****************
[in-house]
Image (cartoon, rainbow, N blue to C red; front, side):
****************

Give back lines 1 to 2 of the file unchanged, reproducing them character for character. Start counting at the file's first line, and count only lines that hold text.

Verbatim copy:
[in-house]
Image (cartoon, rainbow, N blue to C red; front, side):